Tag Archive for: collection for barrel racing

Critical Concepts for Creating COLLECTION in the Barrel Horse

Critical Concepts for Creating COLLECTION in the Barrel Horse

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If there’s one thing that has both bewildered and fascinated me over the years, it’s collection.

Most of us realize that there is much more to it than our horse’s headset.

However, for a long time (like most barrel racers), I didn’t know what I didn’t know.

Lethargic, short strided movement with
Lethargic, short strided movement with “headset” is NOT collection.

Unfortunately, even those competitors who are quite accomplished are leaving money at the entry office by neglecting to fully understand, focus on and create true quality movement.

I’m fortunate that I got a taste of the difference it can make on the barrel pattern early on.

This has motivated me to continue studying, learning, practicing and experimenting – ALL with a desire to create movement that was more balanced and powerful, and therefore FASTER.

Even though I’ve spent a considerable amount of time learning how to create authentic collection, I feel like I floundered around quite a bit before things started really coming together.

I know I’m not the only one, so below I’ve shared some theory to clarify this murky, and often misunderstood concept, as well as some tips for creating it for yourself, which I’m confident will benefit your runs – in more ways than one!
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Instill Independence and Refine Body Control for Faster Times

Instill Independence and Refine Body Control for Faster Times

What does this quote mean to you?

“Too many parents make life hard for their children by trying, too zealously, to make it easy for them.” – Goethe

I feel as though too many barrel racers (and riders in general) make life hard for their horses (and themselves) by unconsciously trying to make life easy for them, or by micromanaging (any control freaks out there?), or being too perfectionistic.

As with human children, if you do too much for your horse, it will make life harder later, for both you AND the horse. Most times, barrel racers don’t even realize they are micromanaging and doing FOR their horses, which they would really be better off doing for themselves.

Don’t get me wrong – I’m an advocate of correcting mistakes the instant they occur in barrel horses, especially on the pattern. If your horse gets out of position – DO NOT PASS GO – fix it then and there before you move on!

If you find you don’t have the foundational elements to fix the problem quickly and effectively, then forget about the pattern temporarily until you have the calm understanding and education you need to get your message through.

However, when I say be sure to correct mistakes the instant they happen – this DOES NOT mean PREVENTING your horse from making mistakes.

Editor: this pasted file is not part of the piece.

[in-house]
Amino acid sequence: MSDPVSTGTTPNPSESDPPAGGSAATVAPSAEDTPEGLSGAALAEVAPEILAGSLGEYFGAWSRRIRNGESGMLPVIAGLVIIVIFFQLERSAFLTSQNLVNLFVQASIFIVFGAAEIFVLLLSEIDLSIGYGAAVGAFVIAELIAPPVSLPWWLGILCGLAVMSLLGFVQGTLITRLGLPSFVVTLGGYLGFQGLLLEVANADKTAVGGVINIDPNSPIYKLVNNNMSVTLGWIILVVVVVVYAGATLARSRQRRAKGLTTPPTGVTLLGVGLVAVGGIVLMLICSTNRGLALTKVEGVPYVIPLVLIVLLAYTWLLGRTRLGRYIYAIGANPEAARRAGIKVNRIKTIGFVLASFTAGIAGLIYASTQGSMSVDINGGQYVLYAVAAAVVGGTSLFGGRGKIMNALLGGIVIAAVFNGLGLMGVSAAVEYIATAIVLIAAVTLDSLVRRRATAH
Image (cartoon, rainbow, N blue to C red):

Mistakes are how horses and humans learn.

Whether it’s a young horse or human, we want to raise them to be educated and good decision makers, but if they slip up – there are consequences for those mistakes, which are great learning opportunities.

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Six Secrets for Relaxed, Quality Movement

Six Secrets for Relaxed, Quality Movement

Just like humans, horses are born with naturally occurring tendencies, characteristics and personality traits.

Some tend to be more high strung, some tend to be laid back, some are more naturally confident, some are more fearful.

What many riders don’t realize though, is that there is a TON we can do to help our horses achieve balance. When we do this, we’re likely to experience the benefits both in the barrel racing arena and in our horse’s over all physical and mental well-being.

Because I love horses so much, I feel a great personal responsibility to instill in them the education and emotional fitness necessary to successfully handle the challenges that come along with life as performance horses.

Quality movement helps reveal your horse's greatest potential!
Quality movement helps reveal your horse’s greatest potential!

Most barrel racers will deal with some tension or an over abundance of “go” in a horse at one point or another. It’s often a byproduct of the speed that’s required in our sport. Speed releases adrenaline, it creates anticipation, and unlike other slower paced equine sports, speed adds even more pressure to the competition environment.

Some horses who are confident and have been carefully developed, may genuinely experience excitement in anticipation of running, but often, what WE would like to perceive as “excitement” is actually worry, impulsiveness, anxiety, tension and fear.

Whatever labels we assign to their behavior, it’s important that our horses remain connected and responsive to us, and that we do our best to keep their association with the barrels as positive as possible.
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